The executive director of the Virginia Education Association told members of the Prince William chapter Thursday night that the statewide group was stepping in to support the local unit and that a memorandum of understanding agreed to on Monday was “not a takeover.”

In a virtual meeting, Brenda Pike, executive director of the VEA, addressed Prince William Education Association members for the first time since the memorandum was made public. She said that the agreement – which will install a trustee to oversee PWEA finances, bylaws and elections –  would in no way hinder progress on collective bargaining for Prince William’s teachers. 

Pike also said that the agreement itself was not up for a vote from the chapter’s membership or building representatives because the PWEA’s board of directors voted 7-4 to enter into it.

After the address from Pike, PWEA’s representative assembly (the group of voting members from each school building) approved a plan for training, organizing and voting on collective bargaining rights.

Pike said the trusteeship will “do a very limited number of things to help the local and to help your leadership and your PWEA board thrive, be able to come together and do what unions do in building a high-functioning board with a high-functioning leadership.”

Earlier in the week, PWEA President Maggie Hansford insisted that the memorandum was not legally approved under the association’s bylaws until building representatives voted on it, but Pike refuted that and said the decision wasn’t up to the assembly. 

InsideNoVa was provided access to the Zoom call with Pike by a PWEA member.  The VEA has not responded to InsideNoVa’s questions about the situation with the Prince William chapter.

PWEA held its regularly scheduled rep assembly after the address from Pike. Hansford said there was a vote on the memorandum of understanding with the VEA and that “our rep assembly overwhelmingly voted … to direct the board to not enter into such an agreement because they do not hold that authority.”

Pike listed a series of factors that led to the VEA’s decision, including dysfunction on the board, disputes about procedural matters and concerns about certain expenses. She also said that a VEA staffer had been working with the board for six months to try to reconcile the divisions, but that the effort was unsuccessful.

Several PWEA board members and a former PWEA president have lodged a number of allegations about Hansford’s tenure, including that she raised her own salary without proper approval and has overspent union funds on things like t-shirts. Hansford’s backers have said that the salary issue was a legitimate mistake due to miscommunication among the PWEA’s board and that she repaid the difference from two pay periods in which her salary was incorrectly inflated.

Pike said the local’s finances were very healthy, saying the PWEA was “probably one of the most healthy organizations financially” in the VEA.

“We want to make sure that all the finances are as they should be. There is no reason for you to believe that there is any funny business going on with your money, with your dues,” Pike told members. “But there have been accusations that some monies were not spent according to the right process for how we should determine how to spend your dues.”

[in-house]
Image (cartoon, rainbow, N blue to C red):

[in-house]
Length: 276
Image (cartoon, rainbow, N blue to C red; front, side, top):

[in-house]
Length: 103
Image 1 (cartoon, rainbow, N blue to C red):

Speaking with InsideNoVa, Hansford said the local’s healthy financial position proves there’s no need for a trusteeship.  “That’s exactly why I am adamantly against this trusteeship. I continue to state that the board has no authority to sign into such an agreement.”  

Pike also tried to put to bed a rumor that members of the VEA board had been coordinating with members of the Prince William County School Board, which will ultimately have the say in whether the county’s teachers get collective bargaining rights. 

Hansford said the PWEA assembly also approved a plan of action for getting teachers in all county school buildings to vote on whether they want collective bargaining. If a majority votes yes, the results will be submitted to the School Board, which will then have 120 days to respond under a state law passed in 2020.  


Several School Board members confirmed that they hadn’t been contacted by anyone from the VEA, and Chair Babur Lateef issued a statement Thursday morning backing Hansford. 

Potomac School Board member Justin Wilk also released a statement on Facebook, saying he’d been “working directly with President Hansford” on collective bargaining since May and would continue the “partnership moving forward.”

Lateef told InsideNoVa that he was more focused on the school division’s pandemic response than any issues around collective bargaining in the future. But when asked whether the PWEA’s trusteeship would affect collective bargaining discussions, he said wanted to work with Hansford and not the VEA.

“I, personally, am very comfortable dealing with the duly-elected president of the PWEA. I have a hard time dealing with people who are not from this district,” Lateef said. “And I think it’s best for the VEA to retreat to Richmond and let us work with the current elected officials in the PWEA.”


Jared Foretek covers the Manassas area and regional news across Northern Virginia. Reach him at


Jared Foretek covers Prince William County Public Schools, the city of Manassas and transportation news across Northern Virginia. Reach him at

(1) comment

Joseph George

InsideNoVa was provided access to the Zoom call with Pike by a PWEA member. The VEA has not responded to InsideNoVa’s questions about the situation with the Prince William chapter.

I wonder who that was? 🤔🤔🤔

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